Auburn, Tuskegee scientists get $500,000 grant to study land loss among African-Americans
AUBURN, Ala.—The USDA’s Agriculture and Food Research Institute has awarded a team of researchers from Auburn and Tuskegee universities a $500,000 grant to study heir property and its impact on land loss in rural African-American communities in the South.
Conner Bailey, rural sociology professor and Alabama Agricultural Experiment Station scientist at Auburn, and agricultural resource economist Robert Zabawa with the George Washington Carver Agricultural Experiment Station at Tuskegee, will co-direct the project, the central aim of which is to understand how heir property—land that has been passed down for generations to multiple descendants of an original property owner who died without a will—hampers asset building, community development and economic growth.
Working with Bailey and Zabawa will be Auburn associate professor Rebecca Barlow in the School of Forestry and Wildlife Sciences; agricultural economics professor Ntam Baharanyi with the Cooperative Extension Program at Tuskegee; and attorneys with the Alabama Appleseed Center for Law and Justice and North Carolina’s Land Loss Prevention Project. Both Zabawa and Baharanyi are affiliate faculty in Auburn’s Department of Agricultural Economics and Rural Sociology, Bailey’s home department.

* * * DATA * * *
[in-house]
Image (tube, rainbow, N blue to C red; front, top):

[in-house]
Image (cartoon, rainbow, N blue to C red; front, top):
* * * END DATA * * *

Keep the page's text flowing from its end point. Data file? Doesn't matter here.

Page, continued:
In the newly funded project, the researchers will examine the phenomenon of heir property by comparing four communities that were established by the federal Resettlement Administration in the 1930s to create communities of African-American farmers who owned the land they worked to four similar communities that began without government support.
“Our research design allows us to explore whether the problems of heir property are the same in resettlement communities as they are in communities without this program history,” Zabawa said.
Because heir property is owned collectively by a number of family members, there is no clear title to the land, which means the property cannot be used as collateral for loans and is not eligible for federal farm programs or government housing-improvement assistance. Heir property also is highly vulnerable to loss, most often because of partition sales initiated either by an heir who has no physical or emotional ties to the land or someone who has gained control over the share owned by an heir. Partition sales typically result in the land being sold to the highest bidder.
In addition to gaining insight on heir property and its impact on wealth creation, the research team also will identify strategies that address vulnerabilities associated with heir property, develop Extension publications and programs to serve the needs of heir property owners and establish a course to be offered jointly at Auburn and Tuskegee that focuses on heir property and land loss in the context of asset building and community development in Alabama and the South.
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